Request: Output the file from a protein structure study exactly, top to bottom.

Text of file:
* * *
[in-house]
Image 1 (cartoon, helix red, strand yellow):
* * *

[in-house]
Image 1 (cartoon, helix red, strand yellow):